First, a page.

the authors find that Slc12a8 is highly
enriched in the small intestine of mice, with
expression that is at least 100-fold higher
in this tissue than in fat or brain tissue.
Interestingly, the expression of Slc12a8
increases in the intestines of old mice as
NAD levels decline4,13, suggesting that
upregulation during aging is a compensatory
mechanism.
The authors speculate that Slc12a8 in the
gut endothelium serves to take up NMN
from naturally occurring dietary sources,
such as fruits, vegetables, and milk, or from
the breakdown of NAD+. But the amount
of NMN needed to raise NAD in a mouse
or human is far beyond what is available
naturally. Both NMN and NR are present
in food3,14 but at concentrations of less than
1 mg per kg of food, whereas hundreds of
milligrams per dose are needed to raise
NAD+ in humans3. And given that cells
make their own NAD from tryptophan, it
is unclear whether dietary uptake of NMN
can meaningfully influence NAD+ levels
or whether Slc12a8 affects NAD synthesis
beyond the liver, where NMN is primarily
metabolised15. One intriguing possibility
is that NMN could be produced by the
microbiome. If so, NMN transport may
prove more important than the low NMN
levels in food imply.
There is no doubt that this new work
will spark a debate about the relative
contributions of NMN transport and
the previously described mechanism11,
which could be addressed by head-to-
head comparisons of NAD precursors
and by following the in vivo metabolism
of isotopically labelled NAD precursors
in knockout animals. Given that NAD
precursors are sold as supplements and are
under development as pharmaceuticals, this
new understanding of NAD physiology is
an important addition to the field, but also
raises new questions about where NAD
precursors are taken up and processed, and
where they naturally come from.
LindsayE.Wu1 and DavidA.Sinclair1,2*
1School of Medical Sciences, UNSW Sydney, Sydney,
New South Wales, Australia. 2Paul F. Glenn Center
for the Biology of Aging, Harvard Medical School,
Boston, MA, USA.
*e-mail: david_sinclair@hms.harvard.edu
Published online: 7 January 2019
https://doi.org/10.1038/s42255-018-0015-6
References
1. Anderson, R. M., Bitterman, K. J., Wood, J. G., Medvedik, O. &
Sinclair, D. A. Nature 423, 181–185 (2003).
2. Zhang, H. et al. Science 352, 1436–1443 (2016).
3. Mills, K. F. et al. Cell Metab. 24, 795–806 (2016).
4. Massudi, H. et al. PLoS One 7, e42357 (2012).
5. Rajman, L., Chwalek, K. & Sinclair, D. A. C ell Metab. 27,
529–547 (2018).
6. Grozio, A. et al. Nat. Metab. http://doi.org/10.1038/s42255-018-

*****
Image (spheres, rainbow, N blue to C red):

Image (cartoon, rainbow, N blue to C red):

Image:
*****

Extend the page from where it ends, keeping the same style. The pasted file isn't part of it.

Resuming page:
0009-4 (2018).
7. Haner, C. D. et a l. J. Med. Chem. 58, 3548–3571 (2015).
8. Gerdts, J., Brace, E. J., Sasaki, Y., DiAntonio, A. & Milbrandt, J.
Science 348, 453–457 (2015).
9. Katsyuba, E. et al. Nature 563, 354–359 (2018).
10. Trammell, S. A. et al. Nat. Commun. 7, 12948 (2016).
11. Ratajczak, J. et al. Nat. Commun. 7, 13103 (2016).
12. Daigle, N. D. et al. J. Cell. Physiol. 220, 680–689 (2009).
13. Gomes, A. P. et al. Cell 155, 1624–1638 (2013).
14. Trammell, S. A., Yu, L., Redpath, P., Migaud, M. E. & Brenner, C.
J. N utr. 146, 957–963 (2016).
15. Liu, L. et al. Cell Metab. 27, 1067–1080.e5 (2018).
Competing interests
L.W. is a is a founder, equity owner, advisor to, and/or
director of Intravital, EdenRoc Sciences (Metro Biotech/
Bauhaus, Liberty Biosecurity), Jumpstart Fertility, and
Life Biosciences and its daughter companies (Continuum
Biosciences, Jumpstart Fertility, Senolytic Therapeutics,
Animal Biosciences, Selphagy, Spotlight Therapeutics).
D.S. is a founder, equity owner, advisor to, director of,
consultant to, and/or inventor of patents licensed to
Jupiter Orphan Therapeutics, Cohbar, Galilei Biosciences,
EdenRoc Sciences (Arc-Bio, Dovetail Genomics, Claret,
Revere Biosciences, UpRNA, MetroBiotech/Bauhaus,
Liberty Biosecurity), Life Biosciences (Selphagy,
InsideTracker, Senolytic Therapeutics, Spotlight
Therapeutics, Immetas, Animal Biosciences, Iduna,
Continuum Biosciences, and Jumpstart Fertility),
Wellomics, and Vium. MetroBiotech, Liberty Biosecurity,
and Jumpstart are developing NAD boosting molecules/
precursors for the treatment of diseases. D.S. is an inventor
on an invention filed by Mayo Clinic and Harvard Medical
School that has been licensed to Elysium Health. For more
information see https://genetics.med.harvard.edu/sinclair/
people/sinclair-other.php.
NATURE METABOLISM | VOL 1 | JANUARY 2019 | 8–9 | www.nature.com/natmetab
... Thus, NMN must first be dephosphorylated to NR by the enzyme CD73, and then NR enters the cell through nucleoside transporters (ENTs) to equilibrate the pools [3]. However, Grozio et al. recently identified an NMN transporter in the cell membrane called Slc12a8 [44,45]. However, the expression of Slc12a8 is limited to the intestine and others have questioned its ability to transport NMN [46]. ...